Now, as James B. forms a part of society, we must come to the conclusion, that, taking it altogether, and making an estimate of its enjoyments and its labours, it has lost the value of the broken window.

When we arrive at this unexpected conclusion: “Society loses the value of things which are uselessly destroyed;” and we must assent to a maxim which will make the hair of protectionists stand on end – To break, to spoil, to waste, is not to encourage national labour; or, more briefly, “destruction is not profit.”

What will you say, Monsieur Industriel — what will you say, disciples of good M. F. Chamans, who has calculated with so much precision how much trade would gain by the burning of Paris, from the number of houses it would be necessary to rebuild?

I am sorry to disturb these ingenious calculations, as far as their spirit has been introduced into our legislation; but I beg him to begin them again, by taking into the account that which is not seen, and placing it alongside of that which is seen. The reader must take care to remember that there are not two persons only, but three concerned in the little scene which I have submitted to his attention. One of them, James B., represents the consumer, reduced, by an act of destruction, to one enjoyment instead of two. Another under the title of the glazier, shows us the producer, whose trade is encouraged by the accident. The third is the shoemaker (or some other tradesman), whose labour suffers proportionably by the same cause. It is this third person who is always kept in the shade, and who, personating that which is not seen, is a necessary element of the problem. It is he who shows us how absurd it is to think we see a profit in an act of destruction. It is he who will soon teach us that it is not less absurd to see a profit in a restriction, which is, after all, nothing else than a partial destruction. Therefore, if you will only go to the root of all the arguments which are adduced in its favour, all you will find will be the paraphrase of this vulgar saying – What would become of the glaziers, if nobody ever broke windows?

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Michael Moore’s new movie attacks Capitalism

By Cassandra Effect, September 6, 2009 8:07 pm


For those who have followed Michael Moore’s documentaries, attacking the capitalist system is the logical conclusion of his directing efforts.  Starting with Roger and Me and displaying the “corporate greed” that saw the slow death of the town of Flint, Michigan, to ever expanding topics such as Guns – Bowling for Columbine, and Health Care – Sicko.

Now Michael is releasing Capitalism: A Love Story, which is a complete and direct attack on the capitalist system.  Its a shame that Mr. Moore doesn’t get that capitalism, while imperfect, is unsurpassed in economic systems.

Bloomberg has a review here, but if you’ve seen any of his films, you know the routine.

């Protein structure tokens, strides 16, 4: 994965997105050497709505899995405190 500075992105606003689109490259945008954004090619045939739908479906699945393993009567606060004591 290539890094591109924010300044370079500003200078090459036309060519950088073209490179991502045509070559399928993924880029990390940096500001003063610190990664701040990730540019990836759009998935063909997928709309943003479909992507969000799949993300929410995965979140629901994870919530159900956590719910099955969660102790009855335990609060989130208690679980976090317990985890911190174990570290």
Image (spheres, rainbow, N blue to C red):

“Capitalism is an evil, and you cannot regulate evil,” he lectures in the final voiceover. “You have to eliminate it and replace it with something that’s good for all people, and that something is called democracy.”

We all know that Democracy is not what he is really talking about – but rather communism.

“This is capitalism,” says the Moore voiceover, “a system of taking and giving, mostly taking.”

I can assure you that he will be quite happy taking you $10 for the movie ticket and not giving you much in return.


UPDATED 9/7/2009 with film trailer – see 2 minutes for free!

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New Orleans asks Feds to pay for hurricane shelters instead of evacuations

By Cassandra Effect, September 1, 2009 9:18 pm

In a stunning stroke of chuztpah, New Orleans has  decided that it costs too much to evacuate people from hurricanes, and that the Federal government (you and me) should pay for a hurricane shelter for people who can’t evacuate on their own.  From the Times Picayune

 Ultimately, that strategy may be replaced by the construction of a fortress at home: a hurricane-resistant shelter that city officials want the federal government to finance. Some believe that tack could be cheaper, safer and easier for the city’s most vulnerable.

“The evacuations probably cost us around $100 million last year, ” said New Orleans Emergency Preparedness Director Jerry Sneed, referring to federal and state money that paid for buses, trucks and Amtrak trains used to move people and their pets to faraway shelters, also government-financed.

Unsurpringly they also found:

Neither race nor gender made anyone more likely to die, only a failure to evacuate and a location near a levee breach.

I’ve got an idea – how about you MOVE AWAY from a city that is below SEA LEVEL!  Oh wait – half the population of New Orleans has already made this decison!

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Obama goes Atlas Shrugged in health care debate

By Cassandra Effect, August 19, 2009 8:45 pm

Today, President Obama, our Dear Leader, has declared that health care is a moral obligation.  He held a conference call with 1000 rabbis, and after telling them he’d love to hold more calls like this to talk about Israel (because he’s such a big fan don’tcha know!) he then pressed them to lead the charge in the moral obligation of health care coverage.

Read all about it in the NY Times

President Obama sought Wednesday to reframe the health care debate as “a core ethical and moral obligation,” imploring a coalition of religious leaders to help promote the plan to lower costs and expand insurance coverage for all Americans.